Of course, the real underlying issue is that (to quote TrannyD says above) the Government thinks that “the RRC has always been a wee bit of a waste of time” so it doesn’t matter who they put into the role – and even better if the person they DO put in gets the left’s nose out of joint. OK … whatever. But as someone who thinks it matters that Governments at least make a token effort to do what the law tells them to, I find that attitude troubling.

    Comment by Andrew Geddis — March 28, 2013 @ 8:12 am

  60. Oh … and NeilM … what qualifies Devoy for the job, other than that National likes her?

    Comment by Andrew Geddis — March 28, 2013 @ 8:20 am

  61. Maybe Labour could just put together a lust if people unsuitable for government jobs.

    Robertson could then cross reference that with who their mothers were friends with just to make sure.

    “The issue is one of experience and expertise with the underlying issues, ”

    What objective measure do you have for that?

    It comes down to opinion and that’s a political factor, not objective fact.

    Comment by NeilM — March 28, 2013 @ 8:33 am

  62. “Oh … and NeilM … what qualifies Devoy for the job, other than that National likes her?”

    She’s had., like most people, a lot if life experience and that is sometimes of greater value than being able to mouth platitudes.

    Comment by NeilM — March 28, 2013 @ 8:37 am

  63. …She’s had., like most people, a lot if life experience…

    Yeah, she played squash a hundred years ago and then settled down in provincial N.Z. So that is Dorothy Parker, Nancy Wake and Rosa Parks all in one right there.

    Comment by Sanvtuary — March 28, 2013 @ 9:09 am

  64. What objective measure do you have for that?

    Gee, that’s a tricky one.
    Maybe some objective biographical evidence detailing professional expertise or academic knowledge in the area?

    That’s what I’m normally asked for as part of the hiring process.

    Comment by Gregor W — March 28, 2013 @ 9:27 am

  65. NeilM,

    With respect, you are floundering. Sure, Devoy’s appointment isn’t the worst thing any Government has ever done. But you’re betraying a certain “if my guys did it, it can’t be wrong” attitude. Which is fine if you want to be one of those sorts of people, I guess.

    Comment by Andrew Geddis — March 28, 2013 @ 10:48 am

  66. “Maybe some objective biographical evidence detailing professional expertise or academic knowledge in the area?”

    So no one else could do the job?

    And who judges this professional experience and academic knowledge? I’ve plenty of people whose CVs might lead one to assume some capability but in reality they’re untrustworthy.

    The number of academics I’ve met who talk the talk on liberal issues but are essentially opportunistic self promoters.

    I don’t see how Devoy belittles the position, I don’t know if she’ll be any good or not, I’ll wait to see.

    Personally, I see these sorts of jobs going to a very narrow range of in- group people. I’d have a go at just giving the position to someone at random.

    Comment by NeilM — March 28, 2013 @ 11:22 am

  67. With any luck Devoy will be the last Race Relations Commissioner, ever. Putting aside the argument about whether she is qualified the position and office are superfluous if not totally irrelevant.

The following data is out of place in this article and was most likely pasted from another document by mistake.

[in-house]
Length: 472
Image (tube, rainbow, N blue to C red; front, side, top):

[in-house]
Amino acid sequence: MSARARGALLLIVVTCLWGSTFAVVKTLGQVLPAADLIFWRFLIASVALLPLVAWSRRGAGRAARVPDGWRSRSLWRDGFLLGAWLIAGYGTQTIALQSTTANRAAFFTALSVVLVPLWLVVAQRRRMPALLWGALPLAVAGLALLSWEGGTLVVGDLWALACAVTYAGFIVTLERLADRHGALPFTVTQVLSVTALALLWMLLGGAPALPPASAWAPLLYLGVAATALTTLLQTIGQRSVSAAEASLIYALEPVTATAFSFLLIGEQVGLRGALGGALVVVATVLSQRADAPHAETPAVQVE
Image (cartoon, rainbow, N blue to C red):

Comment by TransportationDevice A7-98.1 — March 28, 2013 @ 11:25 am

  68. Sure thing, NeilM. We’re all in a state of unavoidable epistemic uncertainty where any claim to truth is simply an assertion of power on the part of the person making it. Let me guess … majored in English Literature?

    By the way – seeing as criteria are all so malleable and who can really know whether anyone has properly met them and it’s all in the opinion of the Minister anyway, you are entirely comfortable with how Shane Jones handled Bull Lui’s immigration application, right?

    @ TransportationDevice A7-98.1

    With any luck Devoy will be the last Race Relations Commissioner, ever. Putting aside the argument about whether she is qualified the position and office are superfluous if not totally irrelevant.

    All it takes is an amendment act to change/repeal the Human Rights Act. Start lobbying your local MP now. But while it’s the law of the land, shouldn’t the Government (of whatever stripe) at least pretend to act in accordance with it? Because, if not … well, the Greens will one day be appointing people to the Board of the New Zealand Transport Agency. I wonder how Sarah Ulmer would like that job … after all, she’s been on a bicycle before!

    Comment by Andrew Geddis — March 28, 2013 @ 11:46 am

  69. She’d probably be as good as any other mediocre choice.

    Comment by TransportationDevice A7-98.1 — March 28, 2013 @ 12:02 pm

  70. > Oh … and NeilM … what qualifies Devoy for the job, other than that National likes her?

    What qualified all the others, including Chris Laidlaw and Joris De Bres? Did being a trade unionist give De Bres the edge over the other candidates? Maybe Chris Laidlaw’s connections with the Labour Party helped with his appointment? Surely not.

    Comment by Ross — March 28, 2013 @ 12:59 pm

  71. The previous two holders of the job had some prior experience of cross-culturalinteractions … Laidlaw worked for the Commonwealth and as ambassador to Zimbabwe, de Bres was head of DoC (which has extensive interaction with Maori) as well as being an immigrant himself. So, sure they were both close to the Labour Party and this no doubt helped their appointments – politics is about helping friends and hurting enemies. But the difference between them and Devoy is that you can say with a straight face that they met the basic qualification for the role.